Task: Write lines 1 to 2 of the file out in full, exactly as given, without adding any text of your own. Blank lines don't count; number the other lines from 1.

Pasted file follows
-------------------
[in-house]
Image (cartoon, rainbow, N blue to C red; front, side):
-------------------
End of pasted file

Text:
[in-house]
Image (cartoon, rainbow, N blue to C red; front, side):